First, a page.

Middle Grades Career Mentors: Digital Resources for Effective CTE STEM Mentoring
After researchers study perceptions of STEM-focused CTE with middle school youth nationwide, 36 mentors and 288 middle school mentees in Boston and New York will engage in the development of innovative digital tools to improve how they communicate.
This project will advance efforts of the Innovative Technology Experiences for Students and Teachers (ITEST) program to better understand and promote practices that increase students' motivations and capacities to pursue careers in fields of science, technology, engineering, or mathematics (STEM) by developing a suite of digital tools designed to support positive messaging around skill-based education and careers and to improve mentors' communication with middle school-aged youth mentees. Maintaining U.S. economic advantage requires attracting talent to high-growth, high-demand skill-based, STEM-related careers that are traditionally attained through Career and Technical Education (CTE). Replacing old negative perceptions with new, more accurate messages about CTE and then reaching youth with these messages before high school is essential. Career-focused mentoring is a vehicle for delivering these messages and supporting youth exploration of CTE as a possible path for their own lives. Investigators will explore the hypothesis that through strong connections between those best positioned to articulate industry needs (mentors) and those most receptive to filling that need (mentees), this project will improve youth awareness and interest in CTE and the rewarding careers that are available to them. Research and development activities will be carried out collaboratively in informal learning environments in Boston and New York City that serve middle school-aged youth from underrepresented communities, through career-focused mentoring programs. The project team, led by media producers of the WGBH Education Foundation, includes market researchers and communications strategists at Global Strategy Group, learning scientists at Education Development Center, and mentorship program partners at SkillsUSA, Learning for Life's Middle School Explorer Clubs, and Boy Scouts of America's Scoutreach. If promising, the career-focused mentoring programs of SkillsUSA, Learning for Life, and Boy Scouts of America will incorporate the messaging roadmap and digital tools to support their mentoring curricula, which impact greater than one million youth in each year.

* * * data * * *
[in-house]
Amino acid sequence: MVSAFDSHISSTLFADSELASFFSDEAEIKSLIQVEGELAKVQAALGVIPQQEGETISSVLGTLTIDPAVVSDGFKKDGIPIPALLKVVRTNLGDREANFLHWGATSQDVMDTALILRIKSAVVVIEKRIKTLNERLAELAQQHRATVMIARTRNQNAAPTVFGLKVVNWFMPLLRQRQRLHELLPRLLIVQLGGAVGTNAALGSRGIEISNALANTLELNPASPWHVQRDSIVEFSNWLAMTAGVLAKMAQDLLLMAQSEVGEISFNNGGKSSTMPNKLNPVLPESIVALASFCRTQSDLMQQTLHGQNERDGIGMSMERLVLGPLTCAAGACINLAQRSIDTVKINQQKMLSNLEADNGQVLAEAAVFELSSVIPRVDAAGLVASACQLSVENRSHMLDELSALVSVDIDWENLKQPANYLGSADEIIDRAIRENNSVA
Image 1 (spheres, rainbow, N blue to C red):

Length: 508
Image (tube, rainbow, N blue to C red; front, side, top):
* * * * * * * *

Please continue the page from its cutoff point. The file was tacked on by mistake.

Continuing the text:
In the first phase of research, investigators will study perceptions of STEM-focused CTE from a nationwide sample of 800 middle school-aged youth and 30 mentors from skill-based STEM industries. In the second phase, investigators will work with six program leaders and 30 mentors from SkillsUSA, Explorer Clubs, Scoutreach, and other mentoring programs to document the needs of mentors for support as they enter into the mentoring process. The third phase will engage mentorship program leaders and 36 mentors in the iterative development of a suite of digital tools that would support positive messaging around skill-based education and careers and that would improve mentors' communication with youth mentees. In addition, a pre-post mentorship program pilot study will explore the promise of the digital tools for effectively supporting mentor-mentee communications that improve youth awareness and interest in STEM-focused CTE and skill-based, STEM-related careers. Thirty six mentors and 288 of their youth mentees will participate in the pilot study. Data sources for research include interviews and surveys of program leaders, mentors, and mentees, as well as tracking mentor activity within the online digital tool environment. This research would advance knowledge of how mentors influence disadvantaged youth perceptions of and interest in CTE and skill-based, STEM career pathways, in which there is currently little evidence as to how mentor preparation shapes ability to positively impact youth outcomes. Major outcomes will include a) deeper understandings of youth and mentor perceptions of CTE and mentors' needs for supporting their work with mentees, b) a messaging roadmap and digital tools that prepare mentors for their work with middle school youth, and c) empirical findings regarding the potential of the digital tools for effectively supporting mentor-mentee communications that improve youth's awareness and interest in CTE and skill-based, STEM-related careers. Outcomes will be shared widely to research, education, and industry communities, locally and nationally, through social media, partner networks, conference presentations, and research publications. An advisory board will provide independent review on the project activities.